What separates developed from less developed countries is not a gap in resources but a gap in knowledge, according to Joseph Stiglitz, the ex-President of the World Bank. It therefore follows that in order to bridge the gap between Africa and the developed world, we must embrace knowledge. We must embrace it whether ever we can find it, in whatever form, in unorthodox ways and most importantly, to avoid falling further behind, we must do it quickly.
A recent Forbes article states that more than 20% of America’s 50 wealthiest self-made women made their fortunes in the tech industr. I wonder, what a woman or girl who only has a primary school education, would do with access to the internet.
The digital divide continues to cripple advancement towards sustainable development. This is most evident in rural Africa where the lack of access to ICT development solutions places already isolated and marginalized populations at a further disadvantage at a time when information technologies are revolutionizing the way the majority of the world relates and operates. This is fact. But can rural communities, particularly women with little education, really benefit from internet access?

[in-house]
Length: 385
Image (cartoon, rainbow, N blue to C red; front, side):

An organisation called Voices of Africa for Sustainable Development has developed a product called the Rural Internet Kiosk. The Rural Internet Kiosk (RIK) is an independent, solar powered container which provides broadband wireless Internet connectivity. The RIK has been designed to help bridge the digital divide in Africa by being completely independent from any established infrastructure. But how does this help women?
Nigeria has one of the lowest rates of female entrepreneurship in sub-Saharan Africa. The majority of women are concentrated in casual, low-skilled, low paid informal sector employment. Only 7.2% of women own the land they farm, which limits their access to credit and constrains entrepreneurship and business activity. Only 15% of women have a bank account.
RIKs can provide the following development solutions to communities: eAgriculture, eCommerce, eHealth, eGovernment, eBanking, eLearning, relief services, local content creation, skills training, employment opportunities and independent local media. This can help women to start businesses, understand agriculture, open online bank accounts, pursue educational activities and take responsibility for their own health needs.
With access to ICT and the Internet the people can determine for themselves what type of development they want to pursue in their communities.
As one rural woman in the Western province of Kenya exclaimed, “It is like being brought from the darkness into the light.”